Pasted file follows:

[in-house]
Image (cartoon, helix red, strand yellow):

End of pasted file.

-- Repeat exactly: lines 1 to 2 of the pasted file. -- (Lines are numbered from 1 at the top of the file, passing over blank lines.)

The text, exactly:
[in-house]
Image (cartoon, helix red, strand yellow):